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This question already has an answer here:

Is the following sentence correct?

  1. Don't be afraid to talk about a time when you or a relative were a patient.

Or should it be one of the following:

  1. Don't be afraid to talk about a time you or a relative was a patient.

  2. Don't be afraid to talk about a time when you were or a relative was a patient.

marked as duplicate by Edwin Ashworth, Hellion, choster, Community Apr 12 '17 at 4:59

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Surely this has already been addressed, but the general rule is to make the verb agree with the nearer term of the disjunction.

That said, all of these sentences are terribly awkward and it's better to just rephrase it to avoid the problem.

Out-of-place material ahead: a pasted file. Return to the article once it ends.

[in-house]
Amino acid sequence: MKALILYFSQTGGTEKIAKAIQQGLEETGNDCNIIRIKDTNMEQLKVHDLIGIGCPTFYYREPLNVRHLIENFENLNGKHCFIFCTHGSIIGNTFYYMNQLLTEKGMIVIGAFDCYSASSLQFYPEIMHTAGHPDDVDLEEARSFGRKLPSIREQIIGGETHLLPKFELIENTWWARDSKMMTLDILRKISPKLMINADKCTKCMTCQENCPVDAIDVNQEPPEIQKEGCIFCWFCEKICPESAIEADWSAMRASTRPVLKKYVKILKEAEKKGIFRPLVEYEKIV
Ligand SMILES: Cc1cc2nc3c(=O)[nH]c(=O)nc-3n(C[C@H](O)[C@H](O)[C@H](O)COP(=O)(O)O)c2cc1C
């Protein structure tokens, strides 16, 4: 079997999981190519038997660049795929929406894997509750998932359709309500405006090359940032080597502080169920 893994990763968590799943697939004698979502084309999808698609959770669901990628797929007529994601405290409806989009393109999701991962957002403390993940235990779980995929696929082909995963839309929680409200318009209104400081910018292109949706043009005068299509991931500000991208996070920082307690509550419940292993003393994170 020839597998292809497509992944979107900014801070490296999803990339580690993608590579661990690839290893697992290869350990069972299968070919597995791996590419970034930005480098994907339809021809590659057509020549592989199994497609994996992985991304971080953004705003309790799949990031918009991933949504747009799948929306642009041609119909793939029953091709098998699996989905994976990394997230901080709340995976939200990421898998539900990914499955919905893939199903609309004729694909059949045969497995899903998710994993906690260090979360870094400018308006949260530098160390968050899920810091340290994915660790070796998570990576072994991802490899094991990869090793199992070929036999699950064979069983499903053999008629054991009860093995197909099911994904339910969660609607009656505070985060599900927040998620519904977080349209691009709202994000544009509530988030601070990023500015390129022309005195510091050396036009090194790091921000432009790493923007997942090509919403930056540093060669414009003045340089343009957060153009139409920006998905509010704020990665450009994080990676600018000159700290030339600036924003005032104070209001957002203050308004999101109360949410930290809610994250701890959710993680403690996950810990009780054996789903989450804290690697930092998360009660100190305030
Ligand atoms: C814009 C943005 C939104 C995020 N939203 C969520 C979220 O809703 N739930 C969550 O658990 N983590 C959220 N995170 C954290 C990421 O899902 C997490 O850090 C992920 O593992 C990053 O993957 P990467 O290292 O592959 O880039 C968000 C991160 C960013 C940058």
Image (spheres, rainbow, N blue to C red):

Don't be afraid to talk about your own hospitalization or that of a relative.

Don't be afraid to share your own experiences as a patient or as one's relative.

  • Perhaps I didn't parse "your own experiences as a patient or as one's relative" properly. – traktor53 Apr 11 '17 at 21:43
  • I'll retract my ill-considered comment of a few seconds ago. – Michael Owen Sartin Apr 11 '17 at 21:52
  • Surely the 'general rule' is therefore 'It's better to just rephrase it to avoid the problem.' – Edwin Ashworth Apr 11 '17 at 23:19
  • Thanks all. Hospitalization is different from being a patient, but I get the gist. Thanks! – Observer Apr 15 '17 at 5:50

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